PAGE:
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She was tall, she wore a tattered yellow sari with green trim on the edges. Her too thin arms hung on her long frame, a melodic jangle accompanied her when she walked into the dark examination room generated by the bangles on her too thin wrists. Her shackles, both to her husband, his family, and to the poverty that bound them all.

She held my gaze, strongly, as I told her, sadly, that the baby inside of her had died. She then looked down. Her mother in law then told us both that it would be cheaper for her family to replace this young, brave, mother of two, than to pay the $50USD to save her life. They shuffled their dirty, dusty feet out of the room and I watched them go. In that heartache, anger, powerlessness (how dare I feel powerless in that interaction, and thanks to my infusion of white privilege, I sure did), and despair, COHI was born. 

Twelve years later, we’ve done well. We’ve provided over 3 million women, girls and their families with quality maternal, reproductive, and newborn health care. We’ve trained over 7000 health care and social service providers. We’ve delivered over 1 million dollars worth of life saving medicines and supplies. We’ve midwifed the birth of several women-led, women powered community based organizations. We’ve led and facilitated five delegations of health activists, advocates and providers. We are building, brick by brick, a thriving feminist organization in COHI that provides paid maternity leave and unlimited PTO days for our staff to live a work life balance in keeping with our values.

We don’t talk enough about this institution itself, Circle of Health International. COHI and the big, brave innovative work we are doing to build this organization to be a leader in supporting its employees. We need to talk more about this. Sadly, there are no shortage of dysfunctional nonprofits out there, especially feminist groups. Too many of these organizations doing outstanding work supporting others, but don’t do a very strong job of supporting their employees. At COHI, we are trying to change the culture of not just non profit organizations in this regard, but especially humanitarian groups.

Too often, the leaders of nonprofit humanitarian organizations expect too much of their staff. Unrealistic hours, unsustainable pay, inadequate opportunity for real professional development are all too common in the nonprofit sector. I’ve heard statements in the leadership of organizations say things like “I work hard, but it’s not like the genocide I am working so hard to fight is happening to ME. How dare I complain about long work hours”. Such dangerous expectations enable a culture of entitlement, cynicism, and power inequity that, ironically, the we are working so hard to combat for others.

At COHI we are actively working to change this. Flex hours are a norm for all of the staff enabling our team to go the gym in the middle of day, attend school events with their kids, and go to doctor appointments to maintain their own health.  Unlimited PTO days, determined by the staff members to claim when needed. These days are intended to encourage staff to take care of themselves according to their own needs. COHI’s staff do not take days off according to a calendar based on holidays we don’t observe (Columbus Day???) but rather based on the needs of the individuals on the team (take your birthday off) and the expectation that COHI’s staff are responsible, capable grown ups who will get their work done and don’t need to work when and if they’ve done their work.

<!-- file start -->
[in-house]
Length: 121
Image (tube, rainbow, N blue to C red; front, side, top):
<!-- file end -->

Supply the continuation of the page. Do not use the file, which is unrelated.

My kids and I have a mantra when are with each other, and it applies to COHI’s work culture:  work when it’s time to work, play when it’s time to play. When you are working, be present to that. When you are playing, be present to that. This wackadoodle world that we live in where we are tethered to our phones, and therefore our work, is complicated. While it ensures an unparalleled amount of flexibility, this kind of “always on” access is not sustainable or realistic. At COHI we have a code of conduct about texting and email on nights/weekends meant to maximize our efficiency while enabling us to turn off when we are off, and be completely on when we are on.

I don’t make a mountain of money, I probably don’t make what I am “worth” but I love my job. I love the people I work with, and the way we work together. We don’t do mean here. We laugh, a lot. We support each other and cheer each other on as we work to achieve our individual and collective professional goals.

I recognize the privilege inherent in much of this reflection: I am a heterosexual white, married, educated woman with a safe car that runs, clean water coming out of my tap, access to healthy food and money with which to pay for it. And because of this privilege, how dare I not work to create an organization that treats people well. If people like myself, sitting in positions of comfort and safety, can’t push against the social norms about work life balance, then what chance do others stand?

I invite, no I challenge you to take a stand about the changes that you’d like to see in your workplace. Change doesn’t make itself, folks. What can YOU do today to change the culture of the place where you work to be a more healthy, integrity-filled, balanced, and kind institution? Great, now go do it! Those with much more to lose are counting on your courage and creativity, don’t let them down.